Globetrotting Mycenaean gold ring returns home

A Mycenaean-era gold signet ring has been returned to Greece by the Nobel Foundation in Stockholm, eight decades after it was stolen.

Mycenaean gold signet ring, 3rd millennium B.C. Photo courtesy the Hellenic Ministry of Culture & Sports.

The ring depicts two sphinxes facing each other, tails raised and wings outstretched. It dates to the 3rd millennium B.C. and was found in the grave of a local nobleman in the Mycenaean necropolis in Ialysos, Rhodes, in 1927. At that time, Rhodes was occupied by Italy, an occupation that began before the First World War and only formally ended after the Second (1912-1947;  although technically it was a British protectorate for the last two of those years). Italian military authorities directed a program of systematic excavations of numerous ancient sites, including the necropolis. The ring was one of the grave goods recovered from the richly-furnished Tomb 61.

Along with thousands of other artifacts excavated during the Italian occupation, the ring was kept in the collection of the Archaeological Museum of Rhodes. Sometime during World War II, the ring was stolen and disappeared into the penumbra of the private antiquities market. We now know it made its way to the United States in the 1950s or 60s when it was acquired by Hungarian biophysicist Georg von Békésy, winner of the 1961 Nobel Prize in Physiology or Medicine. Békésy died in 1972, leaving his extensive connection of arts and antiquities to the Nobel Foundation. The Foundation spread the works around to various museums in Sweden. The Mycenaean ring went to the Museum of Mediterranean and Eastern Antiquities in Stockholm.

The ring’s exceptional quality did not go unnoticed. The museum’s director, archaeologist Carl Gustaf Styrenius, recognized the signet ring as one of the treasures of Ialysos and notified the Greek authorities, but for unknown reasons, the rediscovery of the ring slipped through the cracks of Greek bureaucracy into the memory hole.

After so clumsily dropping the ball, Greece was fortunate enough to get a second chance at bat 45 years later. In recent years, the Ministry of Culture has initiated a project to investigate antiquities lost during the Second World War. This time, records of the gold ring were found in the archives and authorities confirmed the Mycenaean signet ring in Stockholm was indeed the one that had disappeared from the Archaeological Museum of Rhodes. The ministry then initiated a formal ownership claim.

In close cooperation with the Ministry of Culture and Sports, the Greek Embassy in Stockholm undertook negotiations with the Museum of Mediterranean and Eastern Antiquities and the Nobel Foundation. The two Swedish institutions welcomed the Greek request from the beginning and willingly provided archival material, as well as any facility for the progress of the negotiations. In this context, the ring was examined by experts from the National Archaeological Museum, who went to Stockholm for this purpose, and its identification with the robbery of Rhodes was confirmed, paving the way for his repatriation.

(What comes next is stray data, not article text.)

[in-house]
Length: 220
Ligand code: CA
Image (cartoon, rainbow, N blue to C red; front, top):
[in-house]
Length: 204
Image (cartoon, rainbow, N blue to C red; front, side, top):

4 thoughts on “Globetrotting Mycenaean gold ring returns home

  1. Sorry, I think it is a “faute de frappe” wben You wrote:
    “Békésy died in 1972, leaving his extensive connection of arts and antiquities to the Nobel Foundation.”

    You meant ‘collection’ 😇.

  2. WAIT! – Experts from the “National Archaeological Museum”?!? …In Athens?!?

    Ialysos is one of the oldest Minoan settlements on Rhodes (near modern Rhodos City). From the 11th century BC onward, however, there where three main cities, Ialysos, Kameiros and Lindos:

    Once I had made it all the way up the acropolis in Lindos, there was a nice view from up there, but there also was a small badge: “Dear Wanderer, marvelous things were discovered here, but they are in the National Museum in Ankara 😮

    Estimated distance: ~1000km (!) –OK, Athens might be least slightly nearer.

  3. Wally, there are also marvelous things from all over the eastern Mediterranian area in the Ottoman Archaeological MUseum in Istanbul. Also, the large bronze doors in the west end of the portico of the Hagia Sophia are from a pagan Greek temple. I don’t recall which one.

  4. Indeed, there really are a lot of Greek temples in Anatolia, George. Actually, I saw those bronze “Emperor Doors” in the ‘Holy Sophie’ in Istanbul myself.

    I never made it to Ankara, but I have been to the National Museum in Athens and also to the great Archeological Museum in Rhodos City.

    In 386AD, the pagan Libanios from -I think- Syria wrote his impressive “complaint letter” about Christians to the (Christian) Emperor Theodosios in what is now Istanbul.


    “…Those black-garbed people eat more than elephants and demand a large quantity of liquor from the people who send them drink for their chantings, but who hide their luxury by their pale artificial countenances,—-These men, O Emperor, even whilst your law is in force, run to the temples, bringing with them wood, and stones, and iron, and when they have not these, hands and feet. Then follows a Mysian prey, the roofs are uncovered, walls are pulled down, images are carried off, and altars are overturned: Our priests must be silent upon pain of death. When they have destroyed one temple they run to another, and a third, and trophies are erected upon trophies: which are all contrary to the law. …” (Libanios 30, “Προς Θεοδόσιον τον βασιλέα υπέρ των ιερών”, –For the Temples!)

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